Double check that they don’t have profiles that look overly commercial. If they are promoting products every day, it’ll be difficult for yours to stand out among the rest.
If you don’t know where to start looking, you can use an agency such as Keeper Experience or Brandmanic.
2. Get in touch with them or with their managers
Try to avoid sending the same email or DM to all of them.
If you really want them to trust you and to do a good job, you must create an honest relationship from day one (and sending the same template to everyone doesn’t quite cut it in this case). ;)
Remember that a good influencer marketing action should not look like an ad. Feeling natural is the secret ingredient.
In previous steps you already established how much you were willing to offer – be consistent with your negotiation limits and don’t let them overwhelm you with their stats and number of followers.
You have heard about bots for Twitter and Instagram, haven’t you? Buying followers is more popular every day.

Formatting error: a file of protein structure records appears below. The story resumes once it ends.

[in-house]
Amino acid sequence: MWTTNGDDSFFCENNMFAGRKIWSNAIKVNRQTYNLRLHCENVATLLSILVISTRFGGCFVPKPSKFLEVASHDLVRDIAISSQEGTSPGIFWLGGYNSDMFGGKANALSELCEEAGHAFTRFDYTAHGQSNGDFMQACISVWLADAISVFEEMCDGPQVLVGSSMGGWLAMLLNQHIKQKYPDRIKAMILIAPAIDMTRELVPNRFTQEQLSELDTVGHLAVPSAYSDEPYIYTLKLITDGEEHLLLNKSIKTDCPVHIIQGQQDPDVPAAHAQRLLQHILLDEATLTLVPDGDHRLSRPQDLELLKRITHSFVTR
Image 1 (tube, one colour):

3. Dismiss pseudo-influencers
The boom of influencer marketing strategies led to influencers popping up everywhere. If you have a business account, you’ll get collaboration proposals nearly every day. Filter them out and don’t give your products away to anyone.
Recently, there was a case that went viral about a hotel’s response to so-called influencers who wanted eat or stay there for free.
Watch out for people with no shame.
4. Set deadlines and measure results
These types of actions don’t end with a post or getting the agreed upon mentions. Monitor what happens after that in order to check if the campaign was really worth it.
If the campaign was associated with a discount, wait until the end to evaluate the results.
Remember that most of the traffic coming to your website will be cold, which is to say, it’s going to be their first visit. Only a few of them will convert into sales (remember the conversion funnel steps).